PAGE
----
Entry of the Red Army in Odessa, April 1919

In order to gain support for Greece's territorial claims after World War I, the Greek government decided to participate in the Allied intervention in the Russian Civil War. In preparation for the division's transfer to the Ukraine, it moved to the port of Stavros on 17 November. then, from the area of Amphipolis, it began its movement to Thessaloniki on 9 February 1919. When the regiment arrived in Thessaloniki on 13 February, it mustered 85 officers and 2041 other ranks. The regiment embarked on steam liners on 18 and 20 February. It arrived at Odessa on 22 February. The 1st and 2nd Battalions were sent to assist other Allied troops in the occupation Kherson two days later, while the 3rd Battalion landed at Odessa. On 25 February, the remainder of the regiment returned to Odessa. On 28 February, the 3rd Battalion moved by rail to Berezivka, where it was placed under the command of the local French forces. On 1 March, the 2nd Battalion and the 1st Company moved to cover the southern approaches to Tylihul Estuary from the direction of Nikolaev, occupying their positions on 3 March. On the same day, the remainder of the 1st Battalion also moved to Berezivka.[2]

On 5 March, following Bolshevik attack on the Berezivka position, the Greek and French forces retreated towards Odessa. On 20 March, the 1st Company, in danger of being cut off, abandoned the Popovka pass and returned to Odessa on the next day. On the same day, the 2nd Battalion likewise abandoned its exposed position and returned to the vicinity of Odessa, where it came under the command of the 7th Infantry Regiment. The remainder of the Regiment was moved to the suburb of Dalnyk on 22 March, and Frundstal on the next day, to cover the southward evacuation of Allied forces from Odessa, while 3rd Battalion moved to Josefstal and Peterstal. On 24 March 10th and 11th Companies, along with the 3rd Battery, established defensive positions at Tatarka, before moving to Mariental on 26 March, and reuniting with regimental command at Mayilki on the 27th. 2nd Battalion, which had remained behind, moved to Dalnyk and Gross-Liebental on the 24th, reaching Neuburg on 26 March, and Frundstal on 27 March. On the night of 27 March, the entire regiment crossed the Dnieper river into Bessarabia. After reassembling, from 30 March to 6 June it assumed responsibility of guarding the river, until relieved by Romanian troops. On 8 June the regiment moved to the area of Kuru Dere, and from 22 June it began moving toward the port of Galați. There, on 28 and 29 June, it embarked for Smyrna.[2]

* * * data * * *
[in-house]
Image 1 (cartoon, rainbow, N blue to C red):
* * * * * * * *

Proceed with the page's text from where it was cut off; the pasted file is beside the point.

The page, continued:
Asia Minor Campaign[edit]

After the withdrawal from southern Russia, the regiment landed at Smyrna on 5 July 1919, moving to quarters in Turbali, and thence to Ayasoluk (near ancient Ephesus). In mid-September, the regiment was engaged in the first clashes with Turkish nationalist irregular forces in the area of Theira.[2]

In March–May 1920, the regiment was involved in a series of clashes with Turkish forces in the area of Kisak Dağ. It then participated in the summer offensive, moving to Plarköy (10 June). After arduous advance through Bozdağ, on 16 June the regiment captured the city of Alaşehir (ancient Philadelphia), forcing the Turkish forces to withdraw to Uşak.[2] The regiment participate din the March 1921 offensive, fighting battles at Dumlupınar, Bal Mahmud, and advancing to Afyonkarahisar. It was engaged by Turkish forces at the mountainous area of Krikli on 2–4 July, and heavy fighting at Ak Bunar on 8 July, requiring the assistance of the 4th Infantry Regiment. With the renewed Greek successes at the Battle of Kütahya–Eskişehir, the regiment resumed its advance on 8–15 July, reaching the villages of Saltıdere and Maradji. In the subsequent advance towards Ankara and the resulting Battle of Sakarya, the regiment crossed the Sakarya River on 7 August, and fought fierce battles at Taburoğlu (12 August) and Soğolaci (16–17 August). When the Greek retreat began, the regiment re-crossed the Sakarya on 31 August, and was obliged to fight off a number of Turkish attacks on 6, 18, 20, 21–25 September, and 7, 13, 14 October, until it reached the new Greek lines at Çivril in November, where the regiment went into winter quarters.[2]

Following the decisive Turkish victory at the Battle of Dumlupınar, on 16 August 1922 the regiment began to retreat towards the western coast of Asia Minor. Marching via Sardis and Nif, it reached the port of Çeşme, where it embarked for the Greek islands of Chios and Lesbos on 3 September. The regiment joined the 11 September 1922 Revolution that broke out among the surviving Greek units in the Aegean islands, and on 12 September sailed with the fleet and the rest of the army to Athens. On 14 September, with the revolution having prevailed, the regiment encamped in Syntagma Square in front of the Old Royal Palace, and took over the police directorate of Athens, the Athens garrison command, and the offices of the Attica and Boeotia Prefecture.[2]

Interwar and Greco-Italian War[edit]